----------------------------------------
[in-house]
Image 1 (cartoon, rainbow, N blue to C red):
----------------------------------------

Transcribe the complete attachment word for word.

[in-house]
Image 1 (cartoon, rainbow, N blue to C red):